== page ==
Giving Tree’s Henley was grateful for his information technology and grant-writing background from his day job as chief operating officer at Community Health Free Clinic in Cedar Rapids.
“A lot of the pieces I had at least heard of,” he said, calling the process “very complicated,” as it asked for “a lot of tedious information.”
“It was a lot of work,” Henley said, “but in the end, it’s obviously worth it, to be able to participate in a grant program like that.”
The process wasn’t without difficulties on the other end.
In April, the SBA’s online portal crashed the first day, from the sheer volume of people submitting applications. It was fixed toward the end of the month, and organizations contacted by The Gazette said they found out about their grant awards in early- to mid-July, with most reporting their funds were deposited around the end of July.
“Unfortunately, any time you try and implement something new on such a scale as we did with the Shuttered Venues Grant portal, there are challenges,” Lentell said.
Survival is the key force driving this funding.
“We were closed for over a year. We didn’t have any revenue coming, but the expenses continued to come,” Hancher’s Swanson said. “This is bringing us back to par.”
While close to the $1.5 million Hancher will be losing as the UI phases out financial support for the performing arts venue, the one-time grant funds are in a completely separate category, intended to help Hancher reopen its doors this fall, Swanson said.
This federal grant will help defray operational expenses incurred during the pandemic, he said. Expenses like the internet, phones, box office equipment maintenance, computers — the everyday behind-the-scenes costs that would have been covered by building rental and box office service fees in a normal year.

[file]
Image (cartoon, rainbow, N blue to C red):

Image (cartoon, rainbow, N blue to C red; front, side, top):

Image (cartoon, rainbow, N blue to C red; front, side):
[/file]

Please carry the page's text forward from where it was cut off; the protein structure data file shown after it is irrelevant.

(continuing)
“It’s bringing us back to being prepared to open again this fall, which we’re all really ready for,” he said. “It was tough for us to even think about the future and future programs. And this gave a real boost.”
Giving Tree’s grant will help cover basic operating expenses, and allow the Henleys to pursue an expansion plan they shelved when the pandemic struck. They hope to create a balcony for the intimate venue, adding 25 seats and increasing the audience capacity from 88 to 113.
The theater was closed for three months at the beginning of the pandemic, then reopened at 30 percent capacity, gradually worked up to 50 percent capacity at the start of 2021, and went back to full capacity full capacity in July. Giving Tree also added different kinds of entertainment, like game night, comedy and karaoke to expand the audience reach, even at greatly reduced capacity and revenue.
For all of these organizations, “it’s really about lost revenue replacement,” said Katie Hallman, executive director at Theatre Cedar Rapids. During the pandemic, “we just stopped. It just stopped everything. We’re normally a $2.4 million operation, and it cut our operation in half.”
Staff furloughs followed, so the grant funding will be channeled into “people and programming,” she said.
“For so many of us, (the grant) provides the runway for reopening. That was the big challenge hanging over all of us as venue operators. Your earned and contributed revenue feed right back into your mission constantly,” she said. “Everything is so circular, and when one goes away, how do you have the revenue to get back up on your feet and get going? And this is how.”
The grant program’s reach begins with the arts presenters, but reaches outside their walls and into their communities.
“Initially, it means helping those specific entities weather the impact of COVID-19 on their venue,” the SBA’s Lentell said. “Keeping the doors open is really the biggest impact, helping them stay in business.
“But it really goes beyond that. If you look at entertainment venues and what they bring to the table, they anchor our neighborhoods. They play an important role in our economy. They fuel travel, they fuel tourism, they bring people into communities, which bolsters the local restaurants, the local hotels, the local retail establishments.
“So the program isn’t just about helping these venues weather the impact of COVID-19 themselves,” he said. “It’s about helping the overall economy for our state and for our nation.”